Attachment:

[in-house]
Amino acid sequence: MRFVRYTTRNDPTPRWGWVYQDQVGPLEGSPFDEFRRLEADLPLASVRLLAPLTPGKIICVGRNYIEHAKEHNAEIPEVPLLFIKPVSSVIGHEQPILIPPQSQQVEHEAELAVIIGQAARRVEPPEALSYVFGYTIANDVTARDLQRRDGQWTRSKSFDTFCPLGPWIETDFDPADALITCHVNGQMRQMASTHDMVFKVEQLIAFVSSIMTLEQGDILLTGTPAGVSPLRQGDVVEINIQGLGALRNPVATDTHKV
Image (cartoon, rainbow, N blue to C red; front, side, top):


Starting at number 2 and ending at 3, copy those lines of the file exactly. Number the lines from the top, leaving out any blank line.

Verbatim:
Amino acid sequence: MRFVRYTTRNDPTPRWGWVYQDQVGPLEGSPFDEFRRLEADLPLASVRLLAPLTPGKIICVGRNYIEHAKEHNAEIPEVPLLFIKPVSSVIGHEQPILIPPQSQQVEHEAELAVIIGQAARRVEPPEALSYVFGYTIANDVTARDLQRRDGQWTRSKSFDTFCPLGPWIETDFDPADALITCHVNGQMRQMASTHDMVFKVEQLIAFVSSIMTLEQGDILLTGTPAGVSPLRQGDVVEINIQGLGALRNPVATDTHKV
Image (cartoon, rainbow, N blue to C red; front, side, top):